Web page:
Helicopters, zipliners rescue 4 children from cable car over Pakistan valley
Military helicopters and zipline experts rescued four children Tuesday from a group of eight people trapped for hours in a stricken cable car high above a remote Pakistan valley, but officials said nightfall was hindering efforts to save the rest.
The daring rescue began with a helicopter plucking two children to safety as daylight faded, but the chopper was forced back to base in the dark.
Then rescuers used the cable keeping the gondola from plunging into the valley as a zipline to rescue two more children.
“Zipline experts and other civil and military experts and local cable operators are on the spot and helping us in the rescue operation,” said deputy commissioner Tanveer Ur Rehman.
“Four students have been rescued.”
“The rescue operation is continuing but helicopters can’t fly due to the dark,” said Bilal Faizi, from the Pakistan emergency service Rescue 1122.
Six children and two adults spent almost 12 hours trapped inside the chairlift at a height of up to 1,200 feet (350 meters) in a mountainous part of northwestern Khyber Pakhtunkhwa province.
A video of the first rescue showed a teenager in a harness hanging at the bottom of a swinging rope under a helicopter as crowds cheered with relief.
“Pakistan army and civil administration have set up a temporary camp on a mountaintop where first aid is being provided,” he added.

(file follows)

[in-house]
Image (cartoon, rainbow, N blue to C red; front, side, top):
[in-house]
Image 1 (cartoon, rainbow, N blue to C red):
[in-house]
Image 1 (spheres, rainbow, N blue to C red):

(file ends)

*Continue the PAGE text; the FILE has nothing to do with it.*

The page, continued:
The six children had been on their way to school when the chairlift broke down at around 7:00 am (0200 GMT) midway through its journey, hanging above the lush green Allai valley.
Residents used mosque loudspeakers to alert neighborhood officials of the emergency and hundreds of people gathered on both sides of the ravine — hours away from any sizable town — to watch the drama unfold.
Several military helicopters had earlier in the day flown sorties and an airman was lowered by a harness to deliver food, water and medicine, Rehman, the official, told AFP.
“This is a delicate operation that demands meticulous accuracy. The helicopter can not approach the chairlift closely, as its downwash (air pressure) might snap the sole chain supporting it,” he said.
- ‘What can they do?’ –
Headmaster Ali Asghar Khan told AFP by phone that the children were teenage boys and students at his government high school Battangi Pashto.
“The school is located in a mountainous area and there are no safe crossings, so it’s common to use the chairlift,” Khan said.
“The parents are gathered at the site of the chairlift. What can they do? They are waiting for the rescue officials to get their children out. We are all worried.”
Abid Ur Rehman, a teacher from another school in the area, said around 500 people had gathered to watch the rescue mission.
“Parents and women are crying for the safety of their children,” he told AFP.
Syed Hammad Haider, a senior Khyber Pakhtunkhwa provincial official, said the gondola was hanging about 1,000 to 1,200 feet above the ground.
Caretaker Prime Minister Anwaar-ul-Haq Kakar issued a directive for all chairlifts in mountainous areas to be inspected and for those that are not “safety compliant” to be immediately closed.
Cable cars that carry passengers — and sometimes even cars — are common across the northern areas of Khyber Pakhtunkhwa province and Gilgit-Baltistan, and are vital in connecting villages and towns in areas where roads cannot be built.
In 2017, 10 people were killed when a chairlift cable broke, sending passengers plunging into a ravine in a mountain hamlet near the capital Islamabad.
©️ Agence France-Presse